​L’histoire officielle du carré rouge est courte. Il paraît pour la première fois publiquement au Québec le 5 octobre 2004  lors d’une présentation du Collectif pour un Québec sans pauvreté à la Commission des affaires sociales de l’Assemblée nationale au sujet d’un projet de réforme de l’aide sociale déposé par le gouvernement Charest (qui est alors durant son premier mandat): pour marquer leur opposition au projet de loi, les délégués du collectif portent alors un carré de ruban gommé (duct tape) rouge[i]. Dans leur déclaration à la Commission, les délégués révèlent le sens qu’ils donnent à ce petit symbole : « Nous vous demandons de refuser que les institutions politiques continuent de concevoir pour les citoyens et citoyennes les plus pauvres des escaliers roulants qui descendent a...

I loved the experience of writing short this piece: it was written as a reflection on the process of translating Emeric de Monteynard's poetry. Having just finished a revamped version of a class on translation, translation theory was fresh in my mind. I love reflecting on language, and our discursive choices. I like that realm: that fragile connection between ideas, words, and intentions. Reflecting on my own choices added to the piece. And as I reflected on the process, I remembered that his poems gave me the same feeling I had in front of that massive painting hanging at the National Gallery of Art, Robert Motherwell's Reconciliation Elegy. Then another visual connection, this time with images of the yearly desert trips he takes, each year a new desert somewhere in this lush world of ours. As he and I whittled through his desert pictures, another serendipitous connection. The article is available online, and rather short. I discuss the connection between Motherwell's piece and Emeric...

Vapors. You may have heard that women having vapors was a thing back in the nineteenth century. This piece looked at hysteria in its earlier incarnation: vapors. This was the first piece I published post-graduate school. Just like the title states, I wrote about the connection between work, machines, and vapors. How did the new scientific concept of "work" -- think 2nd law of thermodynamics, that the entropy of a system always increases -- shift the discourse on the burgeoning field of psychology.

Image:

Alongside this development in mechanics, physiological treatises continued the tradition of describing the mind in terms of work. Moreover, a number of treatises emerged that attempted to define an elusive ailment, subsequently known as hysteria. A close reading of one such treatise by the Montpellier-trained physician Beauchêne brings into focus how late eighteenth-century physiology reflected a period-specific anxiety, which the work of Carnot only made too obvious: the irreversible arrow...

This was the first and only and only collaboration I did with Simon Krysl. A piece by Alain Badiou, the French philosopher. We both came to the translation from very different areas of strength: Simon, a deep thorough knowledge of marxist philosphy; me, French language. I was living in Maine, my first year out of graduate school. He had moved back to Prague, so all our communications were online, and even more specifically, in our footnotes. Have you ever looked for a translation of a word you thought you knew the meaning, but find instead online forums where translators debate the finer points of the word "to draw," (for instance)? This was our footnotes: comments back and forth on the subtle meaning of many words. One of the more joyous translation experiences, perhaps because it was shared. Badiou's piece is a reaction to Deleuze and Guattari's Anti-OEdipus, a monumental piece of contemporary philosophy. I include the wikipedia link here: our translation of this piece by B...

I first discovered the enigmatic "Antoine Volodine" while translating this essay by Lionel Ruffel on the function of interrogations in his various novels. It took me thirteen years, but I finally included his novel Le Nom des singes (Naming the Jungle) in my Science and Literature class, Winter 2016. My students are rock stars: they read this in French! If you like puzzling dystopian worlds that comment on our fucked up world, then read Volodine. Here is a good taste of the author's fiction.

Lionel Ruffel, Interrogation: A Post Exotic Device, Substance, 2003